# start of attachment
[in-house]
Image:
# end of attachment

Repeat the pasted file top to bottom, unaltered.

[in-house]
Image: